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Getting the right infrastructure

‘Infrastructure’ refers primarily to the waste collection systems employed at an event. Your aim is to:

  • provide an adequate number of bins relative to the size and scale of your event and ensure these are strategically located
  • work with vendors to provide compostable service ware and utilise bin infrastructure that supports effective waste management
  • configure segregated back-of-house and front-of-house systems to maximise recovery of materials.

Use the Waste Calculator Tool to support your understanding of bin requirements and discuss your event, expected number of patrons and duration with your waste management provider or collection contractor.

A basic estimate for food and beverage waste is 1 litre per patron per meal. This will vary depending on catering, number of attendees and waste minimisation strategies used.

Bin systems

For front-of-house (FOH) systems, three co-located streams are recommended

  • organics - food and compostable items
  • recycling (10 cent drink containers and/or co-mingled recycling)
  • landfill.

A back-of-house (BOH) system usually has five co-located streams

  • organics - food and compostable items
  • recycling (10 cent drink containers and/or co-mingled recycling)
  • paper and cardboard
  • soft plastics or pallet wrap
  • landfill.

Separate streams also may be required for:

  • sanitary items
  • nappies
  • cigarette butts
  • e-waste, batteries and lighting
  • waste oil.
Bin placement

To maximise capture and diversion, bins should be located

  • at entrances and exits
  • near tables or grounds where food is consumed
  • along walkways and high traffic areas
  • near toilets or other utilities
  • at car parks.
Bin signage and colour standards

Providing consistent signage and messaging helps to avoid confusion and reduce contamination. Ensure signage is clear and highly visible – on the bins, on the lid of bins and, if possible, above the bins. Some event waste management suppliers offer signage and bin covers as part of their package or as an additional cost.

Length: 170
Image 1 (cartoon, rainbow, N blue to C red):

Green Industries SA also has sets of printable signage available for events – Events Resources

These are in line with Australian Standards AS 4123.7 2006: Mobile waste containers - Colours, markings, and designation to promote consistency in systems across all settings.

When printing signage for use, consider where the bins will be located.

  • Do you need to have signs professionally printed on material that can withstand harsh weather conditions or have an extended life?
  • Do you need to resize signs to fit the side and lids off the bins you will be using?

If existing council public bins will be available, consider how best to incorporate these with the event if possible. For example, additional bins could be colocated with these to create bin stations. Alternatively,

existing public bins could be covered and patrons directed to event bin stations.

For more detailed information about recommended bin systems and signage for front-of-house and back-of-house areas see Events Resources

Waste streams generated at events and venues

The waste streams generated at events and venues are highly variable. Below is a list of some of the key materials that may be generated and the optimal waste collection streams for these items.


Food waste (including preparation), serviettes, paper towels, compostable items (including service ware), garden waste.

Organics - food and compostable items

Segregated food and any other compostable materials are taken to a composting facility and processed into soil improvement products.

Container Deposit Scheme (CDS) containers

10 cent bottles and cans

Sorted at collection depots before materials are reprocessed into new products. Organisations (e.g., Scouts South Australia) can be engaged to manage this stream.

Bottles (glass, plastic), jars, cans, hard plastic or metal containers, liquid paperboard, mixed paper and cardboard

Co-mingled recycling

Recyclables are separated at a Materials Recovery Facility (MRF) for reprocessing into new products.

Cardboard, paper, flyers and brochures

Cardboard and/or paper

The cardboard is collected, baled and reprocessed into new paper and cardboard products and packaging.

Soft plastic packaging such as ice bags, chip wrappers, cling wrap and zip lock bags.

Soft plastic

Mixed soft plastics may be collected in dry recycling streams.

Very clean streams of segregated soft plastics, such as pallet wrap, may be recycled into new plastic products.

Items unsuitable for recycling such as masks and wipes, cable ties, plastic strapping, mixed packaging, novelty promotional items, nappies

General waste

Material is sent to landfill. No further value is extracted from the materials.

As an alternative to landfill, ‘dry waste’ services may be available. Organics and other ‘wet wastes’ need to be kept separate from these dry waste services. This material is processed at a local facility into fuel for use as a gas alternative and sits within the ‘recovery’ rung of the waste management hierarchy.